Birthing and Breeding

Birthing and breeding season takes place December through March. Adult male seals (bulls) and large sub-adult male seals begin to arrive in late November, with most arriving in December.

As they arrive, males lay claim to a section of the beach – a claim that is frequently challenged. Typically, a dominant alpha male bull hangs out with 2 to 3 sub-dominant beta males to control each section. While dramatic battles may arise as the seals claim their section of the beach, most of the face-offs for dominance are settled with intimidation. Only a small percent of confrontations result in a significant battle. This helps to conserve energy required for their long fast while on the beach for the duration of the season.

Pregnant females begin arriving in December with most coming in January. Births occur a few days after arrival. Births occur on the beach, often at night. The pup nurses from its mother for four weeks, quadrupling its birth weight to around 300 lb (135 kg).  The mother’s milk is very rich, reaching around 60% fat by weaning time. The mother will lose 2 lbs (0.9 kg) for every lb (0.45kg) the pup gains, eventually reaching a loss of about 40% of her original weight. Twins have never been documented, although some mothers will foster an additional lost or stranded pup(s).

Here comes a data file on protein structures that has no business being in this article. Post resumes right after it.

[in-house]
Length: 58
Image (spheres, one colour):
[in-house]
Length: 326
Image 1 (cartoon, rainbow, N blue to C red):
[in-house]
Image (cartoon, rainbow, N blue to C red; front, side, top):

During the last week of nursing, the mother comes into estrus and mates. Shortly thereafter she goes to sea, leaving her pup behind – abruptly weaning them by desertion. There is no evidence that that mom-pup relationship plays any future role in their lives. The weaned pup remains in the rookery, fasting, for an additional 8 to 10 weeks.

By mid-March, most of the adult seals are gone, leaving the pups behind. As the beach becomes less populated, the pups start exploring the shallow water just off shore. Clumsy with their newly acquired weight, it takes some time before they are able to swim well. They mostly go into the water at night.  This helps to prepare them for dives at sea where it will be dark all of the time. Most depart by late March or early April.

 

Mating and Gestation

Females come into estrus and begin mating about 24 days after giving birth. However, the fertilized egg does not implant in the wall of her uterus for about four months, a phenomenon called “delayed implantation”.  This enables the adult female seal to go to sea and regain some of the weight she has lost during the birth and nursing process. Since the seals’ gestation period is seven months, this delay means that the young will be born after the female reaches her breeding ground the following year. Adult females may mate several times before returning to the ocean.

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